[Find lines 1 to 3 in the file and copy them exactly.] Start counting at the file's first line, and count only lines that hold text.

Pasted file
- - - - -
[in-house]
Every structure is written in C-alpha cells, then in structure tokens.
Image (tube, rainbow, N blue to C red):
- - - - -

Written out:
[in-house]
Every structure is written in C-alpha cells, then in structure tokens.
Image (tube, rainbow, N blue to C red):